Feeding Tips for Children With Sanfilippo Syndrome

Feeding Tips for Children With Sanfilippo Syndrome
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Disabilities due to Sanfilippo syndrome can lead to challenges with eating and drinking that can make feeding patients difficult.

The rare genetic disorder, also known as mucopolysaccharidosis type III (MPS III), results in an accumulation of complex sugar molecules called glycosaminoglycans (GAGs), or mucopolysaccharides. This accumulation can cause some developmental disabilities in the early stages of the disease and lead to loss of motor functions in the later stages.

The following includes tips to help parents and caregivers with feeding patients with Sanfilippo syndrome.

Food choice

There is no scientific evidence suggesting that a particular diet may improve symptoms of Sanfilippo syndrome. Some parents have reported that reducing milk, dairy, sugar, and artificial ingredients and colors helped with symptoms such as excess mucus, diarrhea, and hyperactivity.

For patients with diarrhea, it may be helpful to decrease the amount of roughage, or fibrous foods, or add probiotic foods if the diarrhea is linked to antibiotic usage.

As patients get older and lose more muscle function they may start to get constipated. In this case, adding more high fiber foods into the diet may help.

Soft or pureed foods might also be necessary for individuals with Sanfilippo who don’t progress to eating foods that require chewing or who lose this ability as the disease progresses.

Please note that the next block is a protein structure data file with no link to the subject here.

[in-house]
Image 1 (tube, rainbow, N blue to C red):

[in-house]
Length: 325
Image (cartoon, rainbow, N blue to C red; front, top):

Difficulty swallowing

As patients get older and tend to regress in their abilities, some may have difficulty swallowing, known as dysphagia. People with dysphagia are at a higher risk of choking or aspirating (getting food and drink into their lungs).

To lower the risk of these complications, patients should sit upright while eating and remain upright for at least half an hour afterward. Distractions should be removed so that the patient can focus on eating and drinking slowly. It also may help if the caregiver gently massages under the patient’s chin and then down the person’s throat while eating.

If a patient begins to choke, he or she should be laid down in such a way that the head is lower than the body. The caregiver should then pat the patient firmly on the back with the hand several times to try and dislodge the food. The patient should not be upright while trying to clear the airway as it can cause him or her to aspirate the food. After a choking episode, it is important to watch for signs of fever in the next few days. A fever could mean that some food or liquid may have reached the lungs and could be causing pneumonia.

Drooling

People with Sanfilippo syndrome sometimes have enlarged tongues. This can lead to drooling, and to difficulty keeping food or liquids in their mouths. Difficulties with swallowing also can result in increased drooling. Bibs and napkins can be helpful for wiping and catching drool. However, it may be necessary to also use suction as swallowing becomes more difficult.